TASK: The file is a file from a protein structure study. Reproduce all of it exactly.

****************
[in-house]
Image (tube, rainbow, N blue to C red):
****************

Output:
[in-house]
Image (tube, rainbow, N blue to C red):